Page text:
New improvements at the Cottage

Dear all,
you’ll probably all be aware that we fitted a new multi-fuel burner in the Barn over a year ago, this has proved a great advance on the broken Quebb burner and has improved the Barn no end. It has been a big success with Barn groups so has helped secure our ongoing income…

Committee are now in a position to carry out a similar improvement in the Cottage, and will be fitting a similar tried and tested burner: multifuel, with removable grate for burning coal if required, with two glass doors. The flue will be replaced by black vitreous enamel flue pipe, rather than the current insulated twin wall pipe, so that will also kick out heat. We will fit a butterfly valve so it can be shut down overnight. Generally there should be a great increase in warmth and efficiency downstairs, but also upstairs.

To prepare for this I was up at christmas removing one of the stone seats, cutting back and rebuilding the other, and relaying part of the hearth. The central sloping section of hearth can’t be rebuilt until the present burner is moved out; the walls will be replastered after this and painted. I’m hoping we can get the old burner out, the hearth rebuilt, and the new burner in and fitted in a short space of time. I want to make sure that the Cottage is without a working burner for the minimum period possible, but there will be a short time when we don’t have a burner. I will let everyone know in advance, it will hopefully be mid week.

Combined with new, seasoned and non-rotten logs, and the new stove-top fan, I am hoping that this will increase warmth, reduce our fuel consumption, and improve the overall ambiance…

In addition Khalid is actively looking for a new oven for the Cottage kitchen. There are a range of options. There will also be more food racking in the kitchen as it gets cramped, and causes traffic jams.

The delayed rebuilding of the shed roof will hopefully happen in early May, insurance permitting. We will strip the old roof, build a new one, felt and batten, and reslate. This will not be done at Spring Working Meet as it is too early in the year, and is best done as a standalone Working Meet over a long weekend.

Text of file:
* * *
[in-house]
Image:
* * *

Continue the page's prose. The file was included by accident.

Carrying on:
A few volunteers will be needed, all skills levels welcome as plenty of carrying of materials, cleaning of slates and passing up of cups of tea…but if there are any roofers or members with building experience that would be great. Normal Working Meet craic, with evening meals (hopefully in new oven) and a bacon butty. Should be a really good long weekend.
Once the roof is sound we will replace the door and window and then sort out inside, with proper racking, a workbench and clear a lot of old paint, materials and general rubbish!

All these improvements take time to plan, and club money and members’ time to carry out, hopefully they will further improve the huts. Do please consider coming to a Working Meet to help keep our huts in great shape. Thank you to all those who do, the last few Working Meets have been really productive and great occasions, long may that continue. If you have any ideas for improvements do let me know, but be prepared to do a little research and active work to help those ideas become a reality.

Chiz (Hut Warden)

General reminders:

  • If you hire the Barn as a member you do NOT get access to the Cottage woodstore or equipment. The only times Cottage wood should be used at Barn is for working meets/AGM etc, not when you hire it. Buy your own.

  • Don’t chop logs on the tiles. We repaired the broken tiles a few months ago, and someone has already broken more. Don’t do it!!! There is simply no need. Chop logs and kindling outside, if you actually know what you are doing with an axe!

  • Don’t leave logs in plastic trugs by the fire, we’ve had one trug melt, it’s a serious fire risk. I am looking to get a metal log bin/hip bath if anyone sees a sound one that isn’t silly money.

  • Take some rubbish/recycling down when you go out, don’t leave it to the last person, and DO do some cleaning before you go above and beyond washing up and wiping surfaces.

  • The stove fan goes at the back of the stove, next to the flue, not the front. Don’t fiddle, it IS magic, leave it there!

  • If we are runing low on anything, let me know and we’ll sort it, many thanks to those who have told me about low supplies, and to Mike P. for spotting issues, replenishing supplies, meeting tradespeople, carrying out safety checks and general all round star qualities.

Thank you

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